The American Interest, May 25

Are anti-Semites ultimately rational actors who happen to hold despicable views? Or does their prejudice warp their perception of the world so fundamentally that they calculate risks and rewards differently from most Western elites?


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Why the Iran Nuclear Deal Could Be Catastrophic for Israel

Holocaust-denying rhetoric masks Nazi-like fantasies

In a recent issue of National Interest, former CIA analyst Paul Pillar lamented "the near-obligatory reference to Nazis in any anti-agreement writing about Iran." The comparison, he argues, is "an emotion-based effort to foster distaste for doing any business with such an ogre-like regime," which exaggerates the regime's sinister disposition at a moment when it is showing a clear desire to become "a more integrated member of the international community."

In fact, Pillar speaks for a sizable group of foreign policy commentators, including Vali Nasr, dean of the School of Advanced International Studies at Johns Hopkins University, Daniel Brumberg of the United States Institute of Peace, Ryan Costello of the National Iranian American Council, and Ariane Tabatabaei at Harvard's Kennedy School of Government. They contend that a nuclear deal would facilitate a US-Iran détente and forge a new moderate course in Tehran.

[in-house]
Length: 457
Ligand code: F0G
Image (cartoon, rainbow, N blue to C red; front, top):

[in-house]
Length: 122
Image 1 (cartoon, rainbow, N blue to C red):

Furthermore, Pillar has a point because the differences between the Islamic Republic and Nazi Germany are significant.

For one, Iran is not the industrial powerhouse that Germany was in the 1930s, though it could quickly become one once its economy is unshackled from crippling international sanctions. Iran's regular military is ill-equipped, poorly trained, and underfunded. There is no Iranian Rommel ready to send tank divisions storming into neighboring countries (though Iran does have plenty of ruthless and well-trained proxies ready to fight on its behalf).

And Iran is not a totalitarian monolith. It might be possible to cut a deal with Tehran, which in turn might facilitate American-Iranian engagement. As President Obama recently told Thomas Friedman of the New York Times: "We are powerful enough to be able to test these propositions without putting ourselves at risk."

But what about other countries, such as Israel? Is President Obama putting that nation at risk? 

When the Israeli government looks at Iran it sees dimensions of its behavior that Pillar—and those who agree with him—blithely dismiss. The Islamic Republic, for example, openly calls for Israel's destruction while investing considerably in those who fight Israel at its borders. Iran may have no Afrika Korps, but it possesses dangerous capabilities—and proven intentions—to use them.

These intentions invite a direct comparison of Iran with Nazi Germany. For decades, Iranian leaders have accused the world of exaggerating Jewish suffering in order to legitimize Israel's existence and excuse the Jewish state's actions, while assiduously promoting the spread of Holocaust denial and acting as a safe haven, sponsor, and sounding board for its advocates.